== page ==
I do like the idea of the Four Tops as "four top guys" though.
    Last edited by TomatoTom123; 12-02-2022 at 06:53 AM.

  16. #16
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    Quote Originally Posted by carlo View Post
    I know they're not a Motown act, but I didn't realize until 10 years ago that the Carpenters are technically called "Carpenters". Makes sense, since the "The" prefix has never been featured on any of their album covers...yet it took me this long to realize.
    Similarly, I remember my older sister angrily upbraiding me when we were younger that "it is not 'THE Tavares'...it's just 'Tavares.'"

  17. #17
    Quote Originally Posted by sansradio View Post
    Similarly, I remember my older sister angrily upbraiding me when we were younger that "it is not 'THE Tavares'...it's just 'Tavares.'"
    How funny is THAT? Because I was actually thinking [[the) Tavares was one of the few groups that was still using a "the" with their name! So there definitely seems to be something about the hipper kids of the day turning away from "the."

  18. #18
    Quote Originally Posted by TomatoTom123 View Post
    I think this is an interesting observation jobu and one that I have also noticed before. To me, it seems something of a combination of what works better with the group’s name, and as WaitingWatching says, what is/was fashionable.

    In recent years, artists have also released albums that are stylised in upper or lower case text. Ariana Grande’s sweetener has no capitals, just like Taylor Swift’s folklore. While Beyoncé’s 2022 album BREAK MY SOUL is in ALL CAPS! Just another stylistic observation which really messes with my desire to categorise and standardise all my music.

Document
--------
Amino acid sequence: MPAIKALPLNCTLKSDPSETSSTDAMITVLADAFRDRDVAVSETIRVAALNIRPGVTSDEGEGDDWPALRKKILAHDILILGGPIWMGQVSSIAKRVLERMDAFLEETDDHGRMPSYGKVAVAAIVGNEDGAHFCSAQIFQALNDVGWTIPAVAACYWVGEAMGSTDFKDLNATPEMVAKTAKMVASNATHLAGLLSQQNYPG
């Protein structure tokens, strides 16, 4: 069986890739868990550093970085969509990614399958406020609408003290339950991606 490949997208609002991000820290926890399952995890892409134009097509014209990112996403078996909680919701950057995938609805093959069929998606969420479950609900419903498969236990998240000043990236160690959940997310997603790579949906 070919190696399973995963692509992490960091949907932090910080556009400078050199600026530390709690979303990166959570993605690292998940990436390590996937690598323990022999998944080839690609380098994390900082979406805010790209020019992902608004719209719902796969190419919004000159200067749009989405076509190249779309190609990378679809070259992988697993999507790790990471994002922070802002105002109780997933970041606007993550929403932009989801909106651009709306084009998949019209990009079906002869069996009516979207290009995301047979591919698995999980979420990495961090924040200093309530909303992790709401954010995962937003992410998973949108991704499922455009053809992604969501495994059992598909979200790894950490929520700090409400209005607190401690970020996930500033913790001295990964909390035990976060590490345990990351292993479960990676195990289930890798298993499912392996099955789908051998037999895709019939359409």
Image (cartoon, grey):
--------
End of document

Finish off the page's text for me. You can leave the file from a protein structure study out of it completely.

I do like the idea of the Four Tops as "four top guys" though.
    You're opening a door to another avenue of what they now call branding. The use of ALL CAPS or all lowercase is definitely a thing. Whether a stylistic choice or deliberate design. I seem to recall a band in somewhat recent years that always had their name on lowercase letters, no matter where it appeared. This is why I'm infinitely interested in design.

  19. #19
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    Another Motown group to drop "The" from their group name was RUSTIX -- a white group from Rochester, NY, on the Rare Earth label. [[BTW, still patiently waiting for a CD release of their first LP, "Bedlam".